And we’re off again, headed slightly in the direction of the lettuce but veering off when I see a pair of lamps that catch my eye. We’re redecorating our bedroom and they look like a good fit, but upon closer inspection, they have ivory lampshades and I need white. Costco has a larger selection of furniture than I would have thought and I browse until I come upon a beautiful oak crib and changing table for only $800. We don’t have kids yet, and I’m not yet in need of ointment for that famous of all Itches, but I’m calculating in my head, and I’m thinking, wow, it’s not as expensive as I thought it’d be. Then I chide myself, because I have a perfectly good hand-me-down crib waiting for me from my sister-in-law as soon as we say the words, “We’re pregnant.” I am proud, because I will save a lot of money come baby time—and yet, here, now, I have almost fallen into the trap I’m sure I’ll face down the road, that is, to have a designer baby room like my friends, who have spent at least $1,500 on furniture alone plus designer crib sheets, curtains, bottles, and who knows what else. I ask myself why I shouldn’t buy “the best” for my children, who surely will deserve it as much as my friends’ babies do. But what is “best”? To be spoiled with new furniture when one’s parents’ haven’t even bought one new piece of furniture in their 5 years of marriage? When people say they want “the best” for their children, don’t they usually mean they want the best material goods, the best economic situation, for them? They want not just provision, but provision that’s better than the Smiths have, and—of course—the Jones.
I manage to pull myself away from the crib set with my pride still intact, on the outside at least, and we make our way to the lettuce. Victory! I grab the perfect box, with an expiration date a week out. At this rate, we’ll never make it to our movie, so we walk purposefully to the front. We’re almost to the register, and my husband veers off toward the books, says he’s looking for the new Kissinger book, teases me and asks me if I know who that is. I slap his arm, feigning indignation, and let him wander off as I wonder about how he could enjoy nonfiction so much when fiction is my drug of choice. There is an inexplicable draw that fiction has upon my soul, leading me into its depths, never to return until the high is over and I have to surface in just enough time to find another book, another adventure, another romance—another impossible situation. I equate reading with relaxation, and relaxation with slothfulness—so my habit causes extreme guilt when I spend a day wiling away on the couch, reading, doing nothing extremely productive and yet visiting worlds I’ve never seen before, so in reality, I’ve been there and back again and am more productive than I have ever been. Of course, doing anything in excess ruins you; but books are the treatment for my daily stress. Without them, I’d be efficient and successful but inhuman. Reading fiction is necessary for my health and wellbeing. But reading about Kissinger would just be a counterfeit drug to me—unless Kissinger was a spy, murdered by a band of gypsies and pirates, and I had to discover his murderer with 400 pages to go.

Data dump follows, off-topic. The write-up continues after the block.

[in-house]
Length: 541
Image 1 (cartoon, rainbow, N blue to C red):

Finally, my husband returns Kissinger-less and we make it to the end goal, the checkout line—and it is short. The race itself may seem to take ages, may take endurance, perseverance, regret, imagination, and tough love, but the end of a race flies by in a moment—the breaking of the ribbon, the crunch of a car crash, the last breath drawn in a fight to the end. The least satisfying part is walking out of Costco. Why, when that was my goal? I’m learning that the ending doesn’t define the trip; not even the lettuce defines the trip. The trip in reality is about the details, the beautiful tapestry of paintings, the taste and smell of cheese—some we like, some we don’t—the crib set calling my name and beckoning me toward a future I didn’t expect, and the gold mine of fiction laying before us.
Next time, I won’t be so resistant. Next time, maybe I’ll even idle intentionally.